In January 2013, the U.S. lifted its ban on women in combat and expect to have women training in those positions by 2016.


Canada’s Charter of Rights was enacted in 1982 which provided the legal impetus for the Armed Forces to consider the equality of women in the services and to permit them into all military roles. In 1989 Canada opened all combat roles except those involving submarine warfare to women. In 2000, women were given the green light to serve on subs as well. Three years later, the first female was assigned to serve as captain of a Canadian warship, while another woman became the first female deputy commanding officer of a combat arms unit.

Roughly 15 percent of Canadian military forces are now women, while 2 percent of combat troops (99 troops) are female. In 2006, Canada lost its first female soldier—a forward artillery scout—in combat with Taliban forces.


In 2011, Australia’s defense minister announced that the last 7 percent of positions that had been closed to women—including Special Forces, infantry, and artillery—would be opened up to them.

Driven in large part by a string of sex scandals, the move includes a five-year transition plan. At its height, Australia had more troops in Afghanistan than any non-NATO country, and women currently account for roughly 10 percent of all Australia’s deployed troops.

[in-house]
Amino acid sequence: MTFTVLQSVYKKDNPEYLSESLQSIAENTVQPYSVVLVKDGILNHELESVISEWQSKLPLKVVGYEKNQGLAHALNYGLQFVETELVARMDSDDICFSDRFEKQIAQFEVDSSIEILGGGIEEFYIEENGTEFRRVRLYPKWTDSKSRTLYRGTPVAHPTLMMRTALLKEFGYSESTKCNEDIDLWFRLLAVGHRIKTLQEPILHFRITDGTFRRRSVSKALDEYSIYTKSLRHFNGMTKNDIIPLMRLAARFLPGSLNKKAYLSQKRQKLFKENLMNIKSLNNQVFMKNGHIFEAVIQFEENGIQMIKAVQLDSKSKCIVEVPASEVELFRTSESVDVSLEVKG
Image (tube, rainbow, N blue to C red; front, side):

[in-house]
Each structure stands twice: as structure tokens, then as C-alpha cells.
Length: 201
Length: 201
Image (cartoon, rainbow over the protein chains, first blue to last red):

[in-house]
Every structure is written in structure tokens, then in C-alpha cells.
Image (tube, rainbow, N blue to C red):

Since 1988, Denmark has had a policy of “total inclusion,” which came on the heels of 1985 “combat trials” exploring the capabilities of women to fight on the front lines. “Danish research showed that women performed just as well as men in land combat roles,” according to the British MOD study. Although all posts are open to women, physical requirements have so far prevented them from joining the country’s Special Operations Forces.


Women make up nearly one-fifth of the French military and can serve in all posts except on submarines and in the riot-control gendarmerie. Though permitted to serve in the combat infantry, however, most chose not to. As a result, women make up only 1.7 percent of that force.


In 2001, the country opened German combat units to women, dramatically increasing the recruitment of female soldiers into the ranks. The number of women in the German Armed Forces is now three times as high as in 2001. As of 2009, roughly 800 female soldiers were serving in combat units.